All too often, a patron will come in to the library and ask questions related to their email. With the proliferation of mobile devices, laptops, and the ability to access email from remote locations (ex. hotel, library, public computers), patrons are excited to access their email from more than one location. This excitement, however, does come with hesitation considering the unknown. This unknown is whether their emails are synchronized across their devices, computers and on the web, and if not, WHY?
Common email service providers in our area like Comcast/Cox, Frontier/Epix, Gmail and Yahoo! provide several ways to access email stored on their servers besides logging in via their website.
When you want to read email using an app on your personal device, the communication with the main email server is using one of two protocols — IMAP or POP3.
POP3 is slightly older but IMAP is "ALMOST always" a better choice because it provides better, more intuitive synchronization. I say ALMOST due to the fact that there are differing opinions. IMAP also handles larger mailboxes and serves the user better when accessing email from multiple mail client applications (ex. provider web-based, Apple mail, Windows mail, Outlook, Android default mail, myMail, Aqua Mail, Blue Mail, Email by Edison, etc.)
The main difference, however, is that IMAP is used to download, read and manage emails, while POP3 is used ONLY for downloading emails. With IMAP your inbox, sent, and customized folders look alike, and have the same content, whether you’re checking mail on your phone, tablet, or PC. Technically speaking, the servers operated by your email service provider retains the master copy and all devices and apps that are configured for the email account sync with their server(s). Any changes (such as deleting mail) made on one device are automatically reflected in any other app or device syncing to the same account.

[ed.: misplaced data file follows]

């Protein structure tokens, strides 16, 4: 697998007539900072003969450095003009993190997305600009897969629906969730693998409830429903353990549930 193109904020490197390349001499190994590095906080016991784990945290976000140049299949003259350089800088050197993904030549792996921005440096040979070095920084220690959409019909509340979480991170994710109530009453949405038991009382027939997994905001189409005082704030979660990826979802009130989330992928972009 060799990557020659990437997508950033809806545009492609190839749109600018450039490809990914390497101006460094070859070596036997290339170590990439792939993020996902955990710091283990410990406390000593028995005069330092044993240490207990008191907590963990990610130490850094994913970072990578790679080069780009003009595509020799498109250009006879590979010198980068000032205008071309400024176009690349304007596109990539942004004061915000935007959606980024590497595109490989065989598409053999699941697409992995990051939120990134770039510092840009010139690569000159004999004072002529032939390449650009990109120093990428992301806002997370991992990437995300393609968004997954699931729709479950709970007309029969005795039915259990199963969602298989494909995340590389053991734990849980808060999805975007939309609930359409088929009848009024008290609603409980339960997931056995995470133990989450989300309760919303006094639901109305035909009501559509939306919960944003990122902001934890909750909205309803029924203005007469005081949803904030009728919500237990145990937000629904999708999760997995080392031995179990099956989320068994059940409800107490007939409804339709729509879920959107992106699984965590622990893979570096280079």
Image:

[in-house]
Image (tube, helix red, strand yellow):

With POP3, there is no such synchronization. You can download all email to your device(s) and choose to either delete the copy on the main server(s) or retain it. Any changes made locally on the device (such as read/unread status, deletions) are not communicated back to the main server. In short, each device downloading email has its own standalone copy of all email when using the POP3 protocol. I have read some articles that refer to POP3 as a "dumb" download.
So... Your probably asking yourself if your email is IMAP or POP3. If you get your email from a web site, it's IMAP. If you download it to a mail client without using a web browser, it's probably POP3. Having said that, some email providers (ex. Gmail) do support both IMAP and POP3 protocols.
Double backing to the "ALMOST always a better choice" comment, the individuals that are proponents of POP3 are those who have the following in mind: a) downloading and wiping data off the main servers helps them stay under any storage quota that may be in place, and b) many are uncomfortable with keeping personal data like email on a third-party server. It's viewed as a privacy issue. They feel that Email sitting on a server they don’t control is wide open to access by law enforcement and other third parties.
As is always the case, I encourage you to research your email provider and check your email account server settings (or simply ask for help with this) on each of your devices and computers to see which method is being used and are you okay with it. Now knowing the difference between POP3 and IMAP, ask yourself these two simple questions - Which protocol do I prefer? and Which one is currently in place on my devices?